Inner  Frontier
Fourth Way Spiritual Practice


Inner Work

For the week of April 2, 2012

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(The Path of Purpose: Part 6 of 9)

We all know the sacred feeling of remorse of conscience: when we’ve done the wrong thing or neglected to do the right thing, we feel an uncomfortable pang in our core. That feeling is sacred because of its source and because if we pay attention to it and resolve not to arouse it again, ever, it can purify us of our self-centered egoism. That resolve to follow our conscience turns remorse from a feeling we experience after a misdeed to a future-oriented intuition of a potential misdeed. Conscience obeyed can thus guide our choices to avoid remorse. Notice that this is not about burying remorse. On the contrary if we have it, we need to feel it and reflect on what we’ve done or not done to arouse it.

No, what we’re after is to open to our intuitions of conscience about the choices in front of us, not just those behind us. If we take on a personal moral imperative to obey our conscience, it can override those of our egoistic impulses that would have us act against conscience. Thus conscience can weaken the hold that our ego has on us. Freedom from ego does not mean not having one; ego is a self-referential, self-oriented pattern in our will that persists, perhaps until we die. But it is a pattern or set of patterns with nothing substantial at its core. That insubstantiality allows us the possibility of giving up the burden of ego. Freedom from ego means freedom in front of ego, it means seeing our self-centeredness as self-centeredness whenever it arises and not allowing it to control our choices and attitudes. Obeying our conscience will often go against our ego, prompting its protests, and unmasking it for what it is, so that we can see it and step out of our bondage to it.

The notion of freedom from ego raises the question of who is it that is free. To begin with, our conscience is free. And as it turns out, conscience is part of our I, our higher Self. So it comes down to following my conscience so that I can be free, or ignoring it and living the small life of an ego. When we work to live by conscience and we experience some nasty thought or impulse that, if acted on, would go against our conscience, we notice that thought or impulse more clearly, we see it. And we know that this nastiness is not who I am, this is not what I would do. That knowing, that seeing in the light of conscience, shows us that the thoughts and impulses that form the patterns of our egoism are not who we are. Each time this happens, we gain a little more freedom from our small self, we come more into our I. Our thoughts and emotional reactions are not us; they are just thoughts and just emotions.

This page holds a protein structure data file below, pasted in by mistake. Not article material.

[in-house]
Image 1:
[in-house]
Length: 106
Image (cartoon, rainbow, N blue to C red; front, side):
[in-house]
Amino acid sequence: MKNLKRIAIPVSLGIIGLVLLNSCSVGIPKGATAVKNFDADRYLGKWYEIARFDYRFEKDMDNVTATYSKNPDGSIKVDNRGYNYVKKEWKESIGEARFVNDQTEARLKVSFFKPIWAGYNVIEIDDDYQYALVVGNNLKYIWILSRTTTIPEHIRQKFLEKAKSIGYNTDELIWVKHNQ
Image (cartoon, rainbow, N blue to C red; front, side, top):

We can distinguish between the emotion of guilt and the sacred feeling of remorse, between Freudian superego and conscience. Guilt and superego are learned responses, imposed or impressed on us from outside. For example, when someone wants you to do something and you refuse, you might feel guilty. If you have not promised to do whatever it is, if you do not have some commitment to do it, and if there is no genuine need behind the request, then your refusal does not arouse conscience. But the difficulty of refusing someone might make you feel guilty. It is a fairly low level emotional reaction and does not cut to our core as does remorse.

Conscience is objective. Take, for example, the Golden Rule of doing unto others what you would have them do unto you, and not doing unto others what you would not have them do unto you. This is objective morality based in the reality of oneness and love. Conscience and remorse guide us along objectively moral paths.

Our connection with conscience can benefit us beyond serving as our moral compass. It can also help us discriminate between alternatives to see the better choices, even when the choices do not involve moral issues of right and wrong. In such cases, instead of calling it conscience, we call it wisdom. They both come from a connection with and openness to our deepest nature. In the same way that we learn to pay attention to the still, small voice of conscience, we learn to be aware of our intuitive wisdom.

We can be a person of conscience, someone who is trusted to do the right thing. For this week, listen for your conscience. Adopt the purpose of honoring your Self by doing the right thing.

For more about the conscience, please see: Conscience

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